The Wicked Farmer And Other Errors

A little knowledge can often be a dangerous thing. In telling stories historians can emphasise parts that seem important to them, or miss bits out that don’t quite fit the impression they want to create. In one sense, there is no such thing as a completely objective account, but some accounts are more careful in their consideration of the evidence than others.

As a child growing up in King’s Lynn I heard things about the town which I now know to be untrue. As a town guide I have heard and read things about the town which I also now know to be wrong. The account below is an attempt to challenge some of the falsehoods.

The Fictional Tunnel

Red Mount Chapel;, King’s Lynn
Photo © James Rye 2021

A couple of years ago I was acting as a steward at the Red Mount Chapel on Heritage Open Day. I was quite excited to be able to actually go inside the chapel and view some of the features I had learned about. Almost the first question I was asked by one of the early visitors was: “Where is the entrance to the tunnel?”

And I immediately understood where the questioner was coming from. As a child I too had picked up from somewhere that the chapel had a tunnel under the mount that joined it to Castle Rising. I can’t remember the putative purpose of the tunnel, though it may have had something to do with smuggling.

There are at least several problems with the tunnel theory. There is no physical evidence (documentary or archeological) that it ever existed .

And there are two other reasons why it couldn’t exist. First, the water table in the area is very high. The Walks are frequently flooded. There is a river behind the Mount. If any tunnel was built it would require considerable engineering to keep it dry which, even with today’s technology, would be near impossible. Second, the distances involved are too great. A tunnel of several miles would be too difficult to construct and maintain.

The Completely Wrong King

I recently read in an otherwise interesting book that the town of Lynn, which was formerly known as Bishop’s Lynn, became known as King’s Lynn after King John gave it a charter in 1204. It’s an easy mistake to make. King John was important in the development of the town and gave it a charter in 1204. And despite being almost universally acclaimed as one of the most obnoxious of medieval kings (quite an achievement, considering there was quite a range to chose from), he is blithely celebrated in the town which saw fit to give him a commemorative statue.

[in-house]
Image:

However, despite the above, King John is the wrong king. King John’s charter still affirmed the rights of the Bishop of Norwich. It was the charter of 1537 from King Henry VIII that enabled the town to be called King’s Lynn. Up until that date it had still be Bishop’s Lynn. The town leaders had over 300 years of trying to work out what precise authority they had and what the Bishop of Norwich had. It was King Henry’s charter that freed Lynn from “the tyranny of the Bishop of Norwich”.

The Apparently Insane Crossing

Although there are some writers who have interesting theories about what might have happened to King John’s treasure (see Waters, R. 2006 The Lost Treasures of King John: Second Edition), most mainstream historians believe what the Chroniclers stated – namely that King John left Lynn around 11/12 October, 1216, and that his treasure was lost in The Wash. But on the surface it seems a mad, almost impossible thing to do.

Until quite recently there were parts of this story that always puzzled me. If you were a king with lots of treasure, why would you risk your life and treasure over a risky crossing? And if you go to somewhere like Snettisham and look across The Wash, you inevitably have to ask why anyone would be so foolish to leave the shore.

In recent years I have come to learn that the crossing was less foolish than I had previously thought. For a start, John and his entourage left Lynn and made the journey to Swineshead Abbey via Wisbech (where he crossed the River Welland) and Holbeach and Spalding. His baggage train with all the carts and treasure would have travelled much more slowly. In order to avoid getting too far behind, they decided to cross the estuary, cutting many miles off the detour route around Wisbech. But John himself never crossed the estuary.

Second, there were was a well-established route across the estuary. But it wasn’t across the whole width of The Wash, just across a narrow part, from Walpole Cross Keys to Sutton Crosses (just south of Long Sutton). Rivulets of water would flow between saltmarsh flats which were only covered at high tide. A local guide could steer you across. The graveyard in St Mary’s Church in Long Sutton has a gravestone marking the burial of the last guide – a Charles Wrigglesworth, who died in 1840. The estuary land started to be reclaimed from 1640.

Adapted from Google Maps

Clearly something went seriously wrong on this occasion in 1216. Perhaps they didn’t use a local guide. Perhaps they got the timings wrong. Perhaps one or more carts got stuck en route causing panic and delays. Whatever happened, the notion of crossing The Wash wasn’t as bizarre an idea as it may initially appear to a modern reader.

The Mysterious Cup

King John Cup

Perhaps the most famous of the town’s treasures is the King John Cup. It is made of silver and has 31 panels of enamel attached to its body. All the figures on it are engaged in some form of hunting. These images confirm that it is not a piece of ecclesiastical plate, and, as such, is gives a very rare glimpse into the world of fine, secular silverwork. It would be easy to think that it belonged to King John and that it was retrieved from The Wash. Both suppositions are false.